My Climbing Experiences

Where I’ve been and some beta for you should you be interested!

#teachonclimbon #teachertaylortravels


Rocktown Boulders:
La Fayette, Georgia


Located in the Crockford-Pigeon Mountain area, Rocktown is a thrilling and prime spot for boulderers! This area was full of some technical climbing, sketchy top outs, problems that make you put your try-hard face on, and beautiful boulders.

The hike in from the parking area does last approximately 15 minutes, but it is relatively flat and not strenuous by any means. The first boulder you’ll see if you hike in the main trail from parking is Orb Cluster boulders. To access most of the boulders, don’t be afraid to venture off the main trail. There’s a lot of great stuff here to tickle your fancy.

Crash pad beta: Just bring more than one, okay? Those top outs will feel mentally and physically easier with appropriate protection down below you.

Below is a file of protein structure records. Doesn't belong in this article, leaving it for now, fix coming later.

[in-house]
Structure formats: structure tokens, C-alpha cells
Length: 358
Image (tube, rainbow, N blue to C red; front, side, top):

Camping beta: Camping in the parking lot is NOT permitted. However, camping close to the parking lot is easy to find – primitive camping and flat spaces available for car/van/SUV campers. I would highly recommend camping out at Sawmill Lake campground. This is also a horse campground site, so if you’ve got a horse, bring him along! Anyway, from the parking lot, drive down a little ways then turn left onto another dirt road. Drive for a couple of minutes or so, and you’ll see a sign on your right: Sawmill Lake. Follow signs for designated camping.

Problems I enjoyed: Out of Orbit (V2), Soap on a Rope (V4), Golden Shower (V5), Nose Candy (V6), Vagina (V7), Sherman Photo (V7)

Horse Pens 40:
Steele, Alabama

This is a bouldering site full of accessible climbing, extremely short hikes, sketchy top outs, and some serious slopers. What I loved the most about this place was the ease of access. All the boulders in the guidebook are nearly within eye shot from one another. Some of the routes are short overall but full of gnarly moves all throughout.

Crash pad beta: you’ll want more than one crash pad for your mental game and for safety, of course.